How are you practicing self-care during these times?

Self-care is imperative these days now more than ever. I make sure to start every morning with 15-20minutes of meditation. I take 15-minute breaks after every 2-3 hours of work. I also treat myself to a bi-weekly manicure and pedicure spa. As well as listen to uplifting and empowering music throughout the day.

What would you say is your greatest professional accomplishment and why?

Creating BLACK STREET. The umbrella to the BWIM, Black Culinary Expo, and Black Celebration Awards. In so many ways I have been given the opportunity to recognize some of the most phenomenal individuals across many industries as well as inspire many others. This is my greatest accomplishment- to empower.

What can we expect from this year’s first ever virtual BWIM Con and Awards?

Our virtual expo will launch with a four-day conference entailing panels, speakers, masterclasses, entertainment, as well as segments highlighting Black-owned, and entertainment. Following the conference, on the fifth day, the awards ceremony will honor 20+ women in Communications, Entertainment, Literature + Publishing, Digital + Technology, Media, Television + Film, News + Journalism, and Radio + Broadcast.

Who inspires you and why?

My family. They are the most powerful and resilient people I know. Constantly overcoming the hardest obstacles—never allowing it to kill their beauty. They continue to strive for the very best. This inspires me to push every day in providing a comfortable and rewarding life for them.

Complete the sentence: My Bronze is beautiful because….

I am my ancestors’ wildest dreams.

What advice would you give to women looking to break into the media industry or interested in starting their own media business?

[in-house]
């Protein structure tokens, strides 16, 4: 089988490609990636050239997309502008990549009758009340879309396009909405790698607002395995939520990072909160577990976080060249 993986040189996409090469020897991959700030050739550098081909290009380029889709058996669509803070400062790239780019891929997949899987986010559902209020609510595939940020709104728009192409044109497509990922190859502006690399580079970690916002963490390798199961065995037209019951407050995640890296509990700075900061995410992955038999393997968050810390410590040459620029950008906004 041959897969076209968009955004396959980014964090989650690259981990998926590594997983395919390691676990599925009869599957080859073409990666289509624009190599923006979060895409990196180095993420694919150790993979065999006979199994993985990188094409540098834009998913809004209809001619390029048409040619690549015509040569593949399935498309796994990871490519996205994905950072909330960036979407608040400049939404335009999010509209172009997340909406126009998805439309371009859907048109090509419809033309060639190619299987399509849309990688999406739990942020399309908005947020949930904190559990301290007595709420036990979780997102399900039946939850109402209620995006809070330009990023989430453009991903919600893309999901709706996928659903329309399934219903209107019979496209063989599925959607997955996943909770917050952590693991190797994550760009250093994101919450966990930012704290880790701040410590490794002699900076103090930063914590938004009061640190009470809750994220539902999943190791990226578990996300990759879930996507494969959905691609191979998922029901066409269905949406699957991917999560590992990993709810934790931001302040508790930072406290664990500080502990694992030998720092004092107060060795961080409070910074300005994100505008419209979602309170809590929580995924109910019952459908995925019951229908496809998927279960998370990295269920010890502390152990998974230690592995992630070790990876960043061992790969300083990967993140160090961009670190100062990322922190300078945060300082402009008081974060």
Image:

Find a mentor within the industry and offer to be of assistance in any possible way. Learn from them all the while increasing your network. One way or another, these very connections will provide many opportunities for you. You have to be willing to put in to get it.

“I strive to create spaces in which we recognize Black men and women from every industry..”

As a media and communications professional, how are you using your power to influence how we as black people perceive one another and the world around us?

This is the very reason I’ve created the platforms that exist today. To inform our community as well as our surrounding communities of the many contributions in which the Black community provides. I strive to create spaces in which we recognize Black men and women from every industry. In doing so, I hope to destroy negative connotations as well as stereotypes associated with our community.

You can follow Judith Jacques on Instagram and stay up-to-date with Black Women In Media award show to be hosted November 16th-20th.

This article currently appears in our November issue


About the author

+ posts

No Comments

    Leave a Reply

    This site uses Akismet to reduce spam. Learn how your comment data is processed.